Germany’s Merkel vows not to give up on US free trade deal
To host G20, seeking as broad an agreement as possible on the advantages of open markets, free and fair world trade.
BERLIN — Chancellor Angela Merkel vowed Tuesday to seek a broad agreement on trade at next month’s Group of 20 summit and told German business leaders that she won’t give up on a free-trade deal between Europe and the US.
Merkel will host leaders of the G20 powers in Hamburg on July 7-8 amid widespread concern over the Trump administration’s “America first” approach to trade. In a speech to an annual German industry congress, she stressed the need to convince others of the advantages of open markets and free and fair world trade.
“We will do everything to achieve as broad an agreement as possible on this in Hamburg,” Merkel said. “In view of the new American administration that isn’t easy, but we must make the effort nonetheless.”
President Donald Trump has pulled the US out of a trade agreement with Pacific nations. Prospects for a planned US-European Union deal, the planned Trans-Atlantic Trade and Investment Partnership, also look poor.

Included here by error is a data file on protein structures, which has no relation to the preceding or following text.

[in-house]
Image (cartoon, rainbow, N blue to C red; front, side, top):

Merkel, however, insisted that it offers a chance to set “common standards that others in the world wouldn’t be able to get around so easily,” given that a US-EU accord would cover about 30% of world trade.
“I will continue to push for us to move forward here, for us not to put the project on ice but to try to take further steps,” she said.
Trump has criticized Germany for its sizeable trade surplus with the United States, and Berlin also has faced criticism from other European countries.
Merkel renewed her defence of her country’s record, arguing that imports and exports shouldn’t be viewed “in isolation” as German products often include parts from elsewhere in the EU, helping boost productivity elsewhere.
German direct investments in the US are almost 10 times higher than US companies’ investments in Germany, she added – “a lot of jobs in the United States depend on this, but this is also a contribution to world trade because, of course, there are also exports from the United States.”